). Power analyses for logistic regression analysis indicated that after controlling for treatment, the current sample size provided adequate power (.80) to identify a predictor with an adjusted odds ratio of 2.08 and a moderator with an adjusted odds ratio ranging from 2.08–2.11 depending upon the specific variables (Hintze, 2001
Although our study was powered to detect effect sizes as described above, the ability to detect smaller effects would require larger sample sizes. Large sample sizes are often not feasible in conducting behavioral studies although there are ways to partly remedy the problem (Jaccard et al., 2006
; Maxwell 2000
) which were considered in the present study. First, with the exception of negative affect and self-esteem (r
=−.69), the selected variables were not highly correlated (r
’s ranged from .01–.35). Second, significance tests were supplemented with effect size measures and confidence intervals. Finally, multiple regression, using product terms and the full continuum of the measures, was used to test moderating effects, a more powerful approach than the use of categorical groupings.
We note other potential limitations to consider. Findings in the present study pertain to overweight individuals with BED who participated in a study of guided self-help treatments at a university medical center, and may not generalize to different clinical settings, treatment methods, or longer-term approaches or outcomes. For example, unlike the two Stanford studies (Agras et al., 1995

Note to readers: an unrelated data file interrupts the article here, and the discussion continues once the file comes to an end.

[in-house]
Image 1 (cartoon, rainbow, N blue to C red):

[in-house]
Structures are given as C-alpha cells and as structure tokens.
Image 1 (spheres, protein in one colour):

) with more intensive forms of CBT, we did not find that either age at presentation for treatment (Agras et al., 1997
) or earlier onset of BED (Agras et al., 1995
) was related to outcome. It could be that younger patients fare worse than older patients in group CBT, but not guided self-help interventions. The majority (73%) of participants were Caucasian; although the racial and ethnic diversity was representative of New Haven County and the state of Connecticut. Lastly, failure to observe moderating effects may have been limited by a narrow range of scores on dependent measures that are typical of clinical samples.
Overall, negative affect, but not MDD comorbidity, was a robust negative prognostic indicator for most dimensional treatment outcomes for BED as well as for attrition. Key dimensional treatment outcomes were predominately predicted, but not moderated, by their respective pretreatment levels and by the presence of personality disorders, particularly Cluster C disorders. Despite the prognostic significance of these findings for dimensional outcomes, none of the variables tested were predictive of binge remission (i.e., a categorical outcome). The absence of moderating effects for any of the variables tested suggests future research should focus on the differential effects of other, perhaps more intensive, types of treatments for BED. In sum, the present study found poorer prognosis for patients with negative affect and personality disorders suggesting that treatments may be enhanced by attending to the cognitive and personality styles of these patients.